Amidst reports last week of the extraordinarily high rate at which the Australian Federal Police accessed the communications history of journalists, the Human Right Law Centre, Digital Rights Watch and Access Now have called on the Morrison Government to urgently reform metadata laws.
The Parliamentary Joint Committee on Intelligence and Security is conducting a review of controversial metadata retention laws that require telecommunication companies to retain records of every single person’s calls, texts, and internet browsing history for at least two years. In 2015 the Government claimed the laws were necessary to investigate serious crimes like murder, but the data has also been sought to chase down parking fines.
Alice Drury, Lawyer at the Human Rights Law Centre, said:
“The current regime allows law enforcement bodies to watch everybody, all of the time. These laws were meant to prevent serious crime, but in reality they have been used to investigate journalists, and by local councils to chase down litterbugs. It allows mass surveillance without any of the necessary safeguards to protect our fundamental rights to privacy.”
A key issue with the metadata law is that access to data is available without a warrant, except where police are wanting to find a journalist’s source, in which case a journalist information warrant is required.
“Whistleblowers and journalists increasingly face investigation and prosecution for reporting important stories on government corruption, misconduct and overreach. Even when a warrant is required to chase down journalists’ confidential sources, the process is flawed, un-transparent, and ultimately a flimsy protection for freedom of the press.”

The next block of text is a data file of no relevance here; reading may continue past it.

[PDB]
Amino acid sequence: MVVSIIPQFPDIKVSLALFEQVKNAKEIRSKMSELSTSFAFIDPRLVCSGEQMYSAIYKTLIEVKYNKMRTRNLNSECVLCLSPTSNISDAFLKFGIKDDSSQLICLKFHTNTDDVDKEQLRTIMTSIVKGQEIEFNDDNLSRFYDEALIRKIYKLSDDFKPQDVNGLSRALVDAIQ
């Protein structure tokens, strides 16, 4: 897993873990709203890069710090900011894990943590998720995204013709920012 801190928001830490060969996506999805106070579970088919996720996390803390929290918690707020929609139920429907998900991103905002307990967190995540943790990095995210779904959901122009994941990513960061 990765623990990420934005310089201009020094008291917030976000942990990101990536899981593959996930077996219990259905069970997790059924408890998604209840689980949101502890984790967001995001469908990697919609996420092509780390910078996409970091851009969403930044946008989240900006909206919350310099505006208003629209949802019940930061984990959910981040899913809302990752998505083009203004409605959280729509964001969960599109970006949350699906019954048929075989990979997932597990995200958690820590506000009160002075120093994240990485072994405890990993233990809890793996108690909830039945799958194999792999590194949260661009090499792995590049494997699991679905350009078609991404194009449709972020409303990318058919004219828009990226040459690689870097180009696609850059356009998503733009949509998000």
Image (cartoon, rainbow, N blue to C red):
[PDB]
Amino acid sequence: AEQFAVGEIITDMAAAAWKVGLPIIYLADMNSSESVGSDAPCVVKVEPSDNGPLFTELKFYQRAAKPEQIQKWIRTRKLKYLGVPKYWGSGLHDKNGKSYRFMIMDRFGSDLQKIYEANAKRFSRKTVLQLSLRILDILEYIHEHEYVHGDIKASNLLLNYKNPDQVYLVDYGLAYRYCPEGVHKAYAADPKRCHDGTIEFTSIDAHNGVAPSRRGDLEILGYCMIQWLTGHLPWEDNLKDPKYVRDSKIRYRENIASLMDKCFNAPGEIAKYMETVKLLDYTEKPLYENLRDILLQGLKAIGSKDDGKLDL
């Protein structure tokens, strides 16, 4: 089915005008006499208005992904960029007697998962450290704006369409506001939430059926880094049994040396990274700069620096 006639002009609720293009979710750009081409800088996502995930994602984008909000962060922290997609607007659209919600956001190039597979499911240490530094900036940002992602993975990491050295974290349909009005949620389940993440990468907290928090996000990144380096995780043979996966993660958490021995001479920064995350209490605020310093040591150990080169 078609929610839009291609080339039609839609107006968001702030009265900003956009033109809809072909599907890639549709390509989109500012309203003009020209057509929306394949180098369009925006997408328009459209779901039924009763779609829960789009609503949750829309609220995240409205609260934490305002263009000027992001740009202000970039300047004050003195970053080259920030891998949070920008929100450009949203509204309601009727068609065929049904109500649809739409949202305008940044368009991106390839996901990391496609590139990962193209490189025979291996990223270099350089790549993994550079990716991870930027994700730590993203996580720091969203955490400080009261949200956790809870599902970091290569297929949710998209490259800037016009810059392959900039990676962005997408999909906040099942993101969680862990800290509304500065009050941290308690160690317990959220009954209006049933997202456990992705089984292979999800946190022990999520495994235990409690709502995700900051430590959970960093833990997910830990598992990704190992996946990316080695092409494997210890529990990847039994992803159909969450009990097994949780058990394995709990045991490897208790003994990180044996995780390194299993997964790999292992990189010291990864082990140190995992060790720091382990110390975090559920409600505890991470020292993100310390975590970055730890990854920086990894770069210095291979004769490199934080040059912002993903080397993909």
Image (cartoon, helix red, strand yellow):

Tim Singleton Norton, Chair of Digital Rights Watch, said:
“The landscape of human rights has drastically changed over the past few decades, with technological leaps providing incredible leaps in accessibility, connectivity and equality. But the flipside of this is an increase in governments seeking to surveil, control and intervene in the private online lives of citizens.
“The mandatory metadata retention scheme and associated mass surveillance operations such as the national facial biometric data capability continue to create huge invasions on the rights of ordinary Australians. Recent revelations about the scale of metadata requests from Government agencies has shown how enticing these powers can be when they lack the necessary transparency and oversight.”
The joint submission recommends that significant improvements be made to the Telecommunications (Interception and Access) Act 1979 (Cth) to bring it in line with Australia’s human rights obligations, including:
ensuring that only the metadata of people connected with the commission of a serious crime is retained;
limiting access to metadata to the investigation of serious crimes, such as murder and child abuse;
requiring a warrant for access to metadata in all instances;
excluding journalists, whistleblowers and human rights defenders from investigation for public interest reporting; and
reducing the amount of time that metadata is retained.
Michelle Bennett, Communications Director, Human Rights Law Centre, 0419 100 519